Past and Future of Catheter Ablation
- ablation techniques
- arrhythmias, cardiac
- catheter ablation
- collateral circulation
Successful catheter-based management of cardiac arrhythmia involves accurate identification of the arrhythmogenic substrate and complete, permanent elimination of that substrate without collateral injury. Despite >30 years of intensive research and innovation that has included novel energy sources, the seemingly straightforward objectives have been elusive. Limited advances have translated to clinical practice, including improved methods of delivering existing energy sources (irrigated catheters, balloon technology, and assessment of contact), but a permanent and effective energy source with efficient tissue specificity to eliminate the possibility of unnecessary collateral damage has not surfaced.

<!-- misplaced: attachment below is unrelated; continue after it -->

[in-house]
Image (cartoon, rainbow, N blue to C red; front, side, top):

Articles see p 728 & 734
In this issue of Circulation Arrhythmia & Electrophysiology, Neven et al1 and van Driel et al2 from the laboratory of Wittkampf report 2 separate studies involving the use of irreversible electroporation (IRE) for cardiac ablation. They report in the first article2 the relative effects of IRE versus radiofrequency energy on the risk of pulmonary vein stenosis. In the second article,1 they examine the ability to create transmural lesions with IRE applied epicardially in the left ventricle with minimal collateral damage, specifically the potential for an ablation source to create transmural lesions without 2 of the most worrisome complications associated with thermal injury (scar leading to pulmonary vein stenosis and coronary arterial trauma).
Electroporation should be considered in the historical context of direct current (DC) ablation, the beginnings of catheter ablation. Direct current energy may produce effects by affecting the cell membrane, thermal injury, or barotrauma.3–5 In addition, nonhomogenous DC ablation lesions may be proarrhythmic.6 The relative merits of radiofrequency and DC ablation were studied extensively in the early 1980s and suggested better safety and efficacy with radiofrequency ablation.7,8
The term electroporation can be thought of more traditionally in the context of DC ablation …